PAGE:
He stated: “Though, I don’t have the copy of the judgement yet to know the actual details, but there is something a little bit surprising there because the use of BVAS makes it extremely difficult for you to have over-voting as only those accredited by BVAS are allowed to vote. There are few things I still want to understand, especially how there was over-voting in an election where BVAS was used.
“This is because BVAS uses the number of people that are registered in a particular polling unit and it is only those whose names are there in that polling units that will be allowed to vote. It is programmed to do so. If we are now talking of having over-voting in an area, it raises a lot of questions and that means something actually went wrong that needs to be looked into by the commission.
“I also want to believe that before the verdict, they had reconciled the proper results from the commission. The Osun governorship election is not the first that the BVAS was used. BVAS have been deployed in Edo, Ondo, Anambra and some other places, but the question of now having over-voting where you have the BVAS which is having an upper-limit of those who are registered in an area leaves a lot of questions that needs to be reconciled with this court verdict. The result they used to justify over-voting, is it exactly the result of the commission? If it is, then there is cause to worry. So there is some reconciliation that needs to be done.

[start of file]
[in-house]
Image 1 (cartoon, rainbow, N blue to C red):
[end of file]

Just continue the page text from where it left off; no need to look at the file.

“I have heard that Adeleke said he would be appealing the judgement which is a natural thing. I am expecting that going to that appeal will be on the basis of presenting the commission results which if it varies in what the tribunal has giving, he (Adeleke) would be talking of travesty of justice. But if indeed that after calculation, and going by the number of the people that BVAS accredited, there was more voting, then obviously the commission has a lot of things to explain about that and then in which case, the man who went to Tribunal has a solid case.